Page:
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How much exercise do we need to offset the negative effects of prolonged sitting? A new study offers clues. Elena Kharichkina/Stocksy
  • Around 22 minutes of moderate to vigorous physical activity a day can eliminate the increased risk of death associated with a sedentary lifestyle, a new study indicates.
  • The more people exercise, the greater their mortality risk decreases.
  • The study findings show that daily exercise can be carried out all at once or in exercise “snacks” throughout the day.

A new study suggests that a person can reduce their mortality risk with much less exercise than one might think.

The study finds that just 22 minutes of daily moderate to vigorous physical activity (MVPA) can reduce one’s risk of dying prematurely as a result of a sedentary lifestyle.

The beneficial effects of exercise are, of course, dose-dependent, so the more exercise, the greater a reduction in mortality risk, up to a point.

The study’s authors tracked 11,989 people who participated in several fitness-tracker-based studies: the Norwegian Tromso Study, the Swedish Healthy Aging Initiative, the Norwegian National Physical Activity Survey, and the U.S. National Health and Nutrition Examination Survey.

All the people in the studies were at least 50 years old and reported to researchers their weight, height, sex, educational level, alcohol use, smoking, and any incidence of previous cancer, cardiovascular disease, or diabetes.

Of the participants, 5,943 individuals were sitting for less than 10.5 hours every day, while 6,042 individuals sat for 10.5 or more hours daily. The researchers aimed to assess the effect of sedentary time and physical activity on mortality risk, as derived from death registries.

For people exercising less than 22 minutes a day, sitting for more than 12 hours was associated with a 38% increased risk of death compared to sitting for 8 hours.

The World Health Organization (WHO) recommends 150–300 minutes of moderate-to-vigorous exercise per week or at least 75 minutes of vigorous exercise, or a combination of both.

The study was published in the British Journal of Sports Medicine.

The study’s first author, Dr. Edvard H. Sagelv, from UiT The Arctic University of Norway in Tromso, said: “The research field is a little bit divided on how sedentary time is dangerous. I would say, compared with not doing physical activity, sedentary time is not that dangerous.”

“However, previous research indicates that excess sedentary time is increasing the risks of disease and premature death,” he added.

Dr. Tracy L. Zaslow, a primary care sports medicine physician practicing in Los Angeles, California, who was not involved in the study, explained, “To put it simply, when we’re sedentary, we use our muscles less, and it’s use it or lose it.”

“If we’re not using our legs and our core muscles, they’re going to become weaker, and then we’re less likely to want to be active because it’s harder to walk a little further,” she added.

This also increases the risk of falling, at which point we may acquire injuries that make us even more reluctant to be physically active.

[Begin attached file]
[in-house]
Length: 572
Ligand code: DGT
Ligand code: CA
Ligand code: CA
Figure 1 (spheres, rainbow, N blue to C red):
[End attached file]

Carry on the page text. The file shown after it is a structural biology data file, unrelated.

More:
“Remember, the heart is a muscle,” cautioned Dr. Zaslow.

She noted that the less we engage in activity, the weaker the heart muscle becomes, so physical activity becomes even more challenging because it becomes necessary to recondition the heart. Being sedentary has been associated with cardiometabolic disease, said Dr. Zaslow.

While the study focuses on older people, said Dr. Melody Ding, also not involved in the study, “Physical activity is known to offer a range of benefits, such as mental health, cardiometabolic profiles, and cognitive functions.”

“There are good reasons to be active across the lifespan,” said Dr. Ding.

Dr. Zaslow pointed out that even children need to build and strengthen muscles by exercising and that doing so sets them up for a lifetime of physical activity.

In addition, mental health, including a reduction in anxiety and depression, is associated with being active. Given the widely reported mental health crisis among young people, said Dr. Zaslow, this is yet another important benefit.

Exercise also promotes better sleep, she suggested, facilitating falling asleep more quickly and achieving deeper sleep. “We know that when we sleep better, we have fewer injuries. So, by sleeping more than eight hours, studies have shown that kids have 50% less injuries.”

“I kind of look at exercise and having the regularity of exercise as being like an upward spiral,” Dr. Zaslow said.

Dr. Sagelv pointed out that the study’s 22 minutes of physical activity a day adds up to the 150 minutes prescribed by the WHO.

“Our study found that Individuals doing more than 22 minutes of moderate-to-vigorous physical activity per day had no increased risk of death with more sedentary time. This contradicts the WHO recommendation to exceed 150-300 minutes of MVPA per week when dealing with unavoidable high sedentary time,” he said.

As to exceeding 22 minutes a day, Dr. Sagelv noted:

“That is a beautiful part. There appears to be no upper limit at which it does not provide any health benefits. However, at the higher ends, about 60-120 min per day, the risk reduction appears to level off a bit, especially for those being highly sedentary.”

People do not need to complete 22 minutes of activity all at once each day, either, according to Dr. Zaslow and previous research. “Exercise snacking” involves taking 10 minutes here and 15 minutes there, and may be easier for some to integrate into their busy lives.

“From the public health [perspective], it is important to remember that doing any MVPA is better than doing none. Even if one cannot achieve the target, it is better to do a little more,” said Dr. Ding.